Review – Control: DLC Expansion 1 – The Foundation

Remedy Entertainment have established themselves as master world builders, releasing the likes of cult classic Alan Wake in 2010, its 2012 spin-off Alan Wake: American Nightmare and the divisive live action episodic integrated Quantum Break in 2016. These titles were complex, narrative driven explorations into the human psyche and the supernatural. In August last year they went on to release Control, a supernatural psychological experience that garnered critical acclaim and brought the studio the wide spread attention that had alluded them thus far. Winning numerous Game of the Year awards and countless other accolades and nominations, the first of two expansions “The Foundation” launched on PS4 in March and finally on Xbox One on Thursday. Diving deeper into the mysterious Oldest House that serves as the headquarters for the Federal Bureau of Control, which is now under the leadership of newly appointed Jesse Faden, protagonist from the core game.

Important to note, The Foundation can only be accessed after completing the base game. This I believe is for two reasons; to avoid spoiling the main narrative and to ensure the player is appropriately levelled, as there are some difficult encounters the player must face as Jesse. While Remedy could have gone the route of other DLC releases by allowing the player to access it without completing the game and just kit the player out with a capable load out, it would genuinely be a disservice to Control as a whole. The narrative of The Foundation would be confusing and in order to understand it, Jesse’s position and motivations plus the state of The Oldest House itself would not make sense.c

The Oldest House serves as the headquarters for thyroid Federal Bureau of Control, a secret service like organisation that investigates the paranormal and protects the world from being exposed to it. As the director, Jesse has access to a red phone known as the Hotline, a direct line between the director and the Board which itself is somewhat of a supernatural existence. The board says the Oldest House is in danger and Jesse needs to prevent the astral plane from further bleeding into reality as she knows it, to stop the two realities colliding.


What follows is an action adventure seeing the player traverse the Foundation of the Oldest House, navigating a labyrinth of caves that are reminiscent of Crait from Star Wars: The Last Jedi, striking red sand that beautiful canvases the terrain. These caves are populated by large crystal formations that obstruct several pathways that can not be destroyed without unlocking one of this expansions two new abilities. Fracture allows the player to shoot these crystal formations and destroy them though some of them will reform after a brief amount of time, killing Jesse if she is on the area where they reform. If enemies are standing on crystal formed sections of flooring, the crystals can be destroyed and the enemies will plummet to their demise. Shape is the other new ability and this allows for crystals to manually be formed at specific spots as indicated by an outline of the base of a crystal formation. This is largely used to platform and navigate the area, reaching higher or otherwise inaccessible areas. Alternatively, this ability can be used in combat to form crystals to damage or defeat enemies who may be standing under or beside them. Both of these abilities are fun to play with and are consistent with the type of abilities already present in the world of Control. Unlocking each will task the player with mastering a trial in the astral plane to prove their competence with this new power. These are fun and interesting encounters that act as a necessary tutorial to understand the abilities at their maximum potential.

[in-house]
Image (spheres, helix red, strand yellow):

A handful of opportunities exist for a radio to be used for Jesse to call in a Ranger to back her up, providing assistance on the battlefield. This AI support was surprisingly capable and competent in battle and was actively engaging the enemies, wreaking them as well as eliminating them. This was a cool way to ease the chaos of some rather large swarms of enemies.


Small offerings of optional side missions are present as well as the main story missions that add variety and most importantly extend the 3 to 4 hour main story expansion. The areas are decorated with an assortment of collectibles that offer new backstories while also fleshing out the going ons of the Foundation itself.


The final mission of this expansion features a fun and challenging boss fight amidst a stunning red backdrop. Assisted by the AI Rangers, the player is tasked with depleting the boss characters health bar while disposing of waves of regular enemies. Executing the new abilities with mastery is critical in handling this mission as easily as possible and when all is said and done, a string of cutscenes will lead the player back to the main area of the Foundation to further explore, collect things and complete the side missions.

The Foundation is a strong first expansion and feels well within the established world of Control, providing an interesting story and fun new abilities.

Final Verdict:

+ Interesting and complex story

+ Fun new abilities to master

+ Striking environment

– The main story is a little short

– Players may be overwhelmed by complexity of story if the base game isn’t fresh in mind

Score: 8/10

DAYNE for One More Game

‘The Foundation’ expansion is available on Xbox One and PlayStation 4 for $22.45 and the Season Pass containing this and the second upcoming expansion “AWE” can be purchased for $39.95.

Control – The Foundation was played on an Xbox One X for this review.

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